Why poor financial knowledge can have a devastating affect on employees and the workplace

A recent poll* of employers by Wealth at work has found that 90 per cent of respondents believe that it’s becoming increasingly important to have a financial wellbeing strategy in the workplace.

confused employee

Jonathan Watts-Lay, Director, Wealth at work, comments;

“It’s great to see that so many employers are recognising the increasing importance of having a financial wellbeing strategy in place to help their employees feel financially secure.”

He adds, “Employee wellbeing is made up of various elements but financial wellbeing is particularly important, as the impact of poor financial wellbeing can be especially devastating for employees and have a direct impact in the workplace.”

Watts-Lay explains; “The link between debt, money worries and stress, lower productivity and absenteeism are increasingly recognised by employers and many are now looking for ways to support their employees. We believe the best way to achieve this is to provide employees with the knowledge to make informed financial decisions throughout their career.”

He comments; “A big part of the solution is helping employees become more familiar with the basics of money management. Getting them to think about how they spend money on essential items such as utility bills and insurance is paramount. Another important principle is helping employees understand the difference between good debt and bad debt. For example, a mortgage is a form of good debt – it makes sense to have a loan in order to own your home as it is a stable, easy to manage approach to long-term borrowing. However, it should still be reviewed occasionally to ensure you have a good deal. At the opposite end of the spectrum, debt with high interest payments such as payday loans and credit cards can get out of control if they are not repaid quickly. The cost of paying the interest may force someone into even greater financial difficulty. Having a good understanding of how different types of loans work can help ensure informed decisions are made.”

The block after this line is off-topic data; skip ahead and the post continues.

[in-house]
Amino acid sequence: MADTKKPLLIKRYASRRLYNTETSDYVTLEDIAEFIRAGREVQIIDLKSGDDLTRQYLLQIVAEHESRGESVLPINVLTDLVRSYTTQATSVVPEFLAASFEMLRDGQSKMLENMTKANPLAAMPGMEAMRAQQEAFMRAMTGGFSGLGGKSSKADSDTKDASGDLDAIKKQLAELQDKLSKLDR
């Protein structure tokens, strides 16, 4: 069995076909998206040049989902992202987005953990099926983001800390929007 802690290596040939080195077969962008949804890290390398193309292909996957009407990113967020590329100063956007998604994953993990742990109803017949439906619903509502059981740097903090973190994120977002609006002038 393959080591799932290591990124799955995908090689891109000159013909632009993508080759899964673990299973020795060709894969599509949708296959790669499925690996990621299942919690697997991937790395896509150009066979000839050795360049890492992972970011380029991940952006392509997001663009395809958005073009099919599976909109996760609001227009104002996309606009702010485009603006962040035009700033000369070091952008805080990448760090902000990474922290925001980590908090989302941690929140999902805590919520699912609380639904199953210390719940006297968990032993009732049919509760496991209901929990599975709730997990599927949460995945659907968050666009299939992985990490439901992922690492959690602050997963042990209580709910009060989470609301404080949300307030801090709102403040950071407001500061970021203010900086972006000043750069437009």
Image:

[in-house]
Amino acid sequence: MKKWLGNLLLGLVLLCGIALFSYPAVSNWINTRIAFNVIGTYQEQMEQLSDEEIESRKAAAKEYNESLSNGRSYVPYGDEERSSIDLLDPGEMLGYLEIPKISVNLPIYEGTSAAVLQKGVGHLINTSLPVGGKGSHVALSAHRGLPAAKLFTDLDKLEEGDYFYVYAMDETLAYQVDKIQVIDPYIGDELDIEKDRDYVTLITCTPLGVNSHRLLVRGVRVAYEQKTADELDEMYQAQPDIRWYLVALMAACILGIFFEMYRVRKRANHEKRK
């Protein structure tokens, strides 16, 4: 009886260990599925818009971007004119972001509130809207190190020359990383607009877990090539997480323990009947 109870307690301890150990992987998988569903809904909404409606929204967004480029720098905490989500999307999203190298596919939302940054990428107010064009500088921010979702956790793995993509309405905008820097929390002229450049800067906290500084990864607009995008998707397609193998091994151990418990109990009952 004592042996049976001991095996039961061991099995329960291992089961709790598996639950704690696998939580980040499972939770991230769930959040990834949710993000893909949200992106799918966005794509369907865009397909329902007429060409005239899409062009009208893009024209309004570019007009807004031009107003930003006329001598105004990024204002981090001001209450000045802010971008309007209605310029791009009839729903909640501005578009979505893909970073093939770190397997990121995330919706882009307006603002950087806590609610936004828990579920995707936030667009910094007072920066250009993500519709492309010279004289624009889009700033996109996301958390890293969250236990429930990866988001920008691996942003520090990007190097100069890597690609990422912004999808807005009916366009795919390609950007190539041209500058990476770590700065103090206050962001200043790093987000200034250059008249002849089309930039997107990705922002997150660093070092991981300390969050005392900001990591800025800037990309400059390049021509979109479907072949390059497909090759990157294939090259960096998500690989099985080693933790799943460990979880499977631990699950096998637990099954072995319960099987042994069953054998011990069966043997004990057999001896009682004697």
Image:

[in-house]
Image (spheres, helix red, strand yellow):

Watts-Lay adds; “It’s also important to look at the employee benefits platform itself. A good starting point is to investigate if employees are taking up and using the benefits on offer. And if not, why? Is it because the benefits aren’t appropriate to the workforce, or are employees unable to understand either the way the benefit operates, or how it could help them? Making sure benefits are relevant and well-explained can really help take-up and improve personal money management.”

He concludes; “Employers are now increasingly putting in place financial education seminars to help their employees understand all of these issues, as well as one-to-one financial guidance or regulated financial advice for those who need more support, leading to a more confident and financially empowered workforce.”

This article is provided by Wealth at Work. 


*Statistics quoted are from a poll carried out on the ‘WEALTH at work’ website from February until May 2019. The poll asked, ‘Do you think it’s becoming increasingly important to have a financial wellbeing strategy in the workplace?’ and received 50 responses

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